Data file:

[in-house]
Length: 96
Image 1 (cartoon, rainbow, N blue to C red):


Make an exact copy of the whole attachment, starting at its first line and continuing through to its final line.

[in-house]
Length: 96
Image 1 (cartoon, rainbow, N blue to C red):